If you are a library patron lacking Internet in your home, have no fear—many public libraries across the country are teaming up with cell phone providers like Sprint and Verizon to offer library hotspots for checkout. These hotspot devices can be checked out for an allotted period of time designated by participating public libraries. Unsure about what a hotspot is? Well, the Chicago Public Library has defined a library Wi-Fi hotspot as “a device you can use to connect a mobile-enabled device, such as a laptop, smartphone or tablet, to the Internet. The hotspot is portable, so you can connect your device almost wherever you are, like at home, on the bus or in the park.” In a world filled with endless technology, public libraries once again prove that they can continue being relevant in a world deeply embedded in a technological revolution that once “threatened” to put public libraries out of business for good.
Whether you may be aware or not, there is a digital literacy divide that exists. It is often assumed that everybody has access to the Internet or to a computer; however, that could not be further from the truth. Brooklyn Public Library has found that “according to a 2013 report from the New York City’s Comptroller’s Office entitled ‘Bridging the Digital Literacy Divide,’ 26.7 percent of households do not subscribe to high-speed Internet service.” Those numbers are much higher in areas across the United States that are considered low-income and impoverished. This puts families who do not have access to the Internet in their home at a disadvantage. Given that digital literacy is seemingly universally accepted in this digital age, lacking technology skills can seriously hinder one’s ability to simply keep up. Many schools have gone as far as allowing their students the opportunity to take home tablets to be used for homework and research to curb any digital literacy divide. Digital literacy advocates say the goal of such initiatives is to bridge the digital divide that can slow students down: “We want—or, rather, we need—today’s students to critically consume information, to create and share across time and space, to cocreate and collaborate to solve problems, to persevere in light of setbacks, and to maintain flexibility. Digital literacies provide opportunities for the inquiries that will develop these skills.” It is important that we continue bridging the digital literacy divide to provide our youth with the best opportunities to succeed in the future.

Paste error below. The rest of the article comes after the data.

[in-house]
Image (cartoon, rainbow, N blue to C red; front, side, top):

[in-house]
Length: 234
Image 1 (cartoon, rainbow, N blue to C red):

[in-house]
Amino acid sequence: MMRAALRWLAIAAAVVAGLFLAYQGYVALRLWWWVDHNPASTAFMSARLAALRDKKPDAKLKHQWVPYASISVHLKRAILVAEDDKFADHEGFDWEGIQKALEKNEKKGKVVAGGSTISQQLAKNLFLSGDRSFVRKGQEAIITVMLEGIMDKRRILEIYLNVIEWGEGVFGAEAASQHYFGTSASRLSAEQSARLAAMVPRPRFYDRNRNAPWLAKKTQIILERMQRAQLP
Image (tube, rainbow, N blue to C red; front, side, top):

The educational need for information and communication technology is dire. In a time when technology seems to be at the fingertips of all individuals, public libraries still provide an unmatched service to all those who simply cannot afford the luxury of having Internet in their homes. It is only a matter of time before public libraries all across the country, not only those with big budgets, will have hotspots available for checkout. Through a multitude of grant opportunities, municipality funds, or county funds, this type of access will be something big to look forward to in the near future.
 Troy and Turner Hicks, Kristen Hawley. “No Longer a Luxury: Digital Literacy Can’t Wait.” English Journal 102.6 (2013): 58–65.